If you need to consolidate high-interest debt or finance a large expense, your options include two forms of credit: personal loans and credit cards.
The best choice for you likely depends on your credit score, how much money you need and how much time you need to repay the debt. Here’s a look at personal loans vs. credit cards, and how to determine the best option.
Personal loans are a good option if you:
- Want to consolidate high-interest debts.
- Need to finance a large expense.
- Have good to excellent credit.
- Can make monthly payments over the loan term.
Interest rates on personal loans generally range from 6% to 36%, and borrowers with good or better credit may qualify for a rate at the low end of that range. Borrowing limits can also be high, up to $100,000 for the most qualified borrowers.
A personal loan is an installment loan, which means you get money in a lump sum and make fixed monthly payments over a specific period, usually two to five years. Many online lenders let you pre-qualify for a loan to see estimated rates, with no impact to your credit score.
Low rates, high borrowing amounts and fixed repayment terms make personal loans an option for consolidating debt or financing large expenses, such as home improvements.
The rate you receive on a personal loan largely depends on your credit score. Lenders also assess your credit history, income and debt-to-income ratio. Use the calculator below to see estimated rates and payments based on your credit score.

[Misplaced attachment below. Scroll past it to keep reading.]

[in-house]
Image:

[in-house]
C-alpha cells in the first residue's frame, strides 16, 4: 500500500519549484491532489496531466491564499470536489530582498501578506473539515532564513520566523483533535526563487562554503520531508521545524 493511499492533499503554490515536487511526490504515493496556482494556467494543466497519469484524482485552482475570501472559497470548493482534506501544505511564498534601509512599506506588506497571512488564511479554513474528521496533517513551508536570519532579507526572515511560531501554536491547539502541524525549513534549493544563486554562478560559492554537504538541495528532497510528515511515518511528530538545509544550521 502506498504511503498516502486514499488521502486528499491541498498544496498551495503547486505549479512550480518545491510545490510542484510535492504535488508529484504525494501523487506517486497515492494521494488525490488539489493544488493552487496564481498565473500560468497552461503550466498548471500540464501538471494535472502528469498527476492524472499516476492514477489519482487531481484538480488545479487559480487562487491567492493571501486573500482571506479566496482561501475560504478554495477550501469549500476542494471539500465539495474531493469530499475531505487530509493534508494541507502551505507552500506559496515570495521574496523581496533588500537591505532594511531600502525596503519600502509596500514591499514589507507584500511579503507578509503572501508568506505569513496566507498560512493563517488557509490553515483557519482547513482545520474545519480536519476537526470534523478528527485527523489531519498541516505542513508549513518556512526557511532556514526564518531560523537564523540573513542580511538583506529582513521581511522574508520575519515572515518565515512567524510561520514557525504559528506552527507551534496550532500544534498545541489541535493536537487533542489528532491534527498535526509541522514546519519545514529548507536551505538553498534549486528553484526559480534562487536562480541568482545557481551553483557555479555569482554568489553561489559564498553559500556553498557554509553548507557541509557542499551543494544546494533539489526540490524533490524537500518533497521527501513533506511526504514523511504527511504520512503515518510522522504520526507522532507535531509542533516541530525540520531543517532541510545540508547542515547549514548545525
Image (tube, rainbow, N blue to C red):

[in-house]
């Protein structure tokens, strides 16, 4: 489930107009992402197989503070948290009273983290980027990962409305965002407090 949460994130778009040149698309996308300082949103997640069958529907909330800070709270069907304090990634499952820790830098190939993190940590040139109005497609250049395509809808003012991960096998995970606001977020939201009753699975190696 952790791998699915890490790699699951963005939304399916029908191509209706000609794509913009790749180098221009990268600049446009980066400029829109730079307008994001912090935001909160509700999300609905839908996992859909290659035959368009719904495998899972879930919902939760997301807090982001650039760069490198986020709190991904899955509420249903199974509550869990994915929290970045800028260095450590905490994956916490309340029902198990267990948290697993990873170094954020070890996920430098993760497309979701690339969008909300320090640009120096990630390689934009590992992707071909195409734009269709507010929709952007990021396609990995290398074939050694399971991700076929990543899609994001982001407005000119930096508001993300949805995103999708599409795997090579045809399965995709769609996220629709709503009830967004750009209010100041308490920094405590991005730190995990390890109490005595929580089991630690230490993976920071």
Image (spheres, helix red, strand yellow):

Credit cards are a good option if you:
- Need to finance smaller expenses.
- Can pay off your balance in full each month.
- Qualify for a 0% promotional offer.
Credit cards can be an expensive form of financing if you don’t pay off the balance each month or qualify for a card with a 0% interest promotion. Credit cards typically have double-digit interest rates, and carrying a high balance can negatively impact your credit score.
A credit card is a revolving form of credit that allows repeated access to funds. Instead of getting a lump sum of cash, your card has a credit limit you can charge up to. Minimum monthly repayment amounts are usually about 2% of your balance, though you can avoid interest charges by paying the full statement balance by the due date.
With higher rates and risks of carrying a high balance, credit cards are best reserved for short-term financing and purchases you can to pay off in full, like daily expenses and monthly bills.
Personal loans vs. credit cards for debt consolidation
Personal loans or credit cards and can be used to consolidate multiple debts to save on interest and get out of debt faster.
When to choose a personal loan: If you have a large amount of debt (more than $15,000) and need more time to pay it off, a debt consolidation loan with fixed payments may be a better approach, but only if you can get a lower rate on the loan than what you pay on your existing debt.
When to choose a balance transfer credit card: If you have a smaller amount of debt (less than $15,000) and good credit, a balance transfer card may be the best choice. It lets you consolidate high-interest debts to a card with a 0% introductory interest rate that can last up to 18 months.
Have a plan to pay off the entire balance before the 0% rate period expires; otherwise, you’ll get hit with interest on your remaining balance as well as retroactive interest on your initial balance.
The savings you net through consolidation should also outweigh balance transfer fees, which typically range between 3% to 5% of the balance, and annual fees.